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How to pull focus on subjects displayed on the LED wall | Virtual Cinematography

How do you focus on something that is not there, but is seen “in” the LED wall, something like an animated digital character, that’s inside the LED virtual set?

Pulling focus to objects and subjects that are displayed on an LED wall.

Virtual Production Training / Director of Virtual Production Asa Bailey.

You want to pull focus from the cast on-set to the fully virtual character that’s being displayed on the LED wall. The problem, if you role your optical focal point forward from position A to position B with the on-set camera, as you roll to and then through the actual front of an LED wall, you’ll end up hitting the moiré zone. Moiré is a French word meaning “having a wavy or ripply surface pattern” and it is what we call the effect when the on-set camera focus, hits the LED wall and creates a mess of lines and artifacts in your shot. Not good. So how do you shoot around this and pull focus to subjects inside the LED virtual set?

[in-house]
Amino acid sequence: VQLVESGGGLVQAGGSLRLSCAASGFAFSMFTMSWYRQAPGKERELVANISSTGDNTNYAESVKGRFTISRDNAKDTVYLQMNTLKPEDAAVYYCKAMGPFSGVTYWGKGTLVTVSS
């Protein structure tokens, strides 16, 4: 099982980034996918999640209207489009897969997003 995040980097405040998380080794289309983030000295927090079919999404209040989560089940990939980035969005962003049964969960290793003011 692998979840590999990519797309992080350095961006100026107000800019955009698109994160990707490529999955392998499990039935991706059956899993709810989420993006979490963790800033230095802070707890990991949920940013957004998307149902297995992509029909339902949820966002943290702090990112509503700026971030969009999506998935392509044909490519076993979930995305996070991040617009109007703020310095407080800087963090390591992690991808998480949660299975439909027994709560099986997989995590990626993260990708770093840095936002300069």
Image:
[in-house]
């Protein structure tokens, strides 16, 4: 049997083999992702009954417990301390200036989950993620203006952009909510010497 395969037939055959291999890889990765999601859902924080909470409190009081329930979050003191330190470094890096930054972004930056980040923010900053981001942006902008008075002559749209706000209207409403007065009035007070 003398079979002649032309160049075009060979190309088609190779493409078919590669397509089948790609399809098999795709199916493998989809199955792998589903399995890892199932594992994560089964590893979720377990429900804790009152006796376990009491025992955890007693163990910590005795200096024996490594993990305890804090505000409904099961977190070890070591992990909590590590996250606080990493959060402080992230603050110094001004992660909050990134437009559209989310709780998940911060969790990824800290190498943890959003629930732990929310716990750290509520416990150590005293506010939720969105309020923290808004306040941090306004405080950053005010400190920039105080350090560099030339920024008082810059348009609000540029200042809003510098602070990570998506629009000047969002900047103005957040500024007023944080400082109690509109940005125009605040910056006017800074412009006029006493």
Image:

On-Set Facilities train crews to user virtual production methods and technologies.

We take a look at one of the methods I’ve developed for pulling virtual focus, one that cuts the focal move of the optical camera, just short of the LED and the moiré zone, meanwhile, the in-engine virtual camera continues to pull the focus move, to position the virtual cameras focus point on the target subject in the virtual world.

By stopping the optical camera short of the wall, you miss the moiré zone, instead, what you get is the optical camera, to it’s sharpest point, looking at a frame of the LED, but stopping short without hitting the LED wall and dreaded moiré zone. What the optical camera frames up on, the LED, will still be out of focus, but that’s until the virtual camera completes it’s move, sharpening up the image in the LED, in effect, also sharpening up the images that the optical camera is looking at too. You just pulled focus to a virtual object.


This coordinated focus pull maneuver takes time to set up and master, but once a crew is practiced in the method, it does become more intuitive and more of a dance between the on-set camera operator and the engine virtual camera operator, as they maintain and follow each others lead, to create the illusion of focus. You don’t need any special hardware or equipment to pull this move, a simple focus wheel on the on-set camera, and someone in the engine ready to slide the virtual cameras focus. You may want to get some hardware input wheels and sliders to better control the in-engine focus, Monogram are good, and we’ve tested them, very easy to set up.

Asa Bailey
Director of Virtual Production


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